At one time, investment in a company was simply a financial transaction, made in the expectation of a better return than from a bank deposit account. More recently, we have seen the rise in the activist private investor, whose objective is to influence the future direction of the company, with returns being secondary in many cases. Company policies are also important for some institutional investors, although they also have an obligation to invest the funds they control wisely (see The power of prayer, for example).
This has led to ‘ethical’ funds divesting from the tobacco and arms industries, for example. Now, though, coal and oil companies are increasingly the focus of this attention, with activists holding them at least partly responsible for the present level of carbon dioxide emissions, projected to raise average temperatures to a dangerous degree according to the International Panel on Climate Change.
But campaigners, ever resourceful, are now increasing their pressure on the energy sector by demanding that arts organisations reject corporate sponsorship from sources they disapprove of, most notably oil companies. In the UK, this puts the focus very firmly on BP, the biggest such donor nationally. There is an interesting interview on this issue with Peter Mather, the company’s head of UK operations, in the Times: BP v the luvvies: the battle over Britain’s biggest corporate sponsor.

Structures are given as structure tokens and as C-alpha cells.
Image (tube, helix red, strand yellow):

This is a very different battleground. In shareholders’ meetings, the aim is usually to force some accounting for the projected cost of damage caused by burning oil: internalising the externalities, as economists like to put it. In the case of sponsorship, the goal is to take away the positive PR and advertising of the brand that comes from association with a major museum or art gallery.
Perhaps surprisingly, the amount of corporate sponsorship is a relative drop in the ocean for major institutions. In a report in the Guardian last year (The sponsorship files: who funds our biggest art institutions) we see that the British Museum received £3 million from business, compared to nearly £44 million of public subsidy and over £54 million from fundraising. The only one of the ten major organisations contacted to get more was the Science Museum, which received £4 million in sponsorship and just under £40 million from government funds.
This amounts to 5% of the overall Science Museum budget but only 2% of total British Museum income. These institutions are clearly not dependent on the generosity of businesses, but these sums still enable them to stage exhibitions that might otherwise not be seen. For that, of course, the sponsors get to have their logo displayed quite prominently, although this is probably hardly noticed by many who attend the exhibitions.
For relatively modest sums (although large in terms of what businesses can realistically allocate from profit streams) companies are able to promote their societal engagement credentials. Other sectors are similarly engaged. Hyundai, for example, started an 11-year sponsorship of the Turbine Hall at the Tate Modern last year, and Unilever played a similar role prior to that.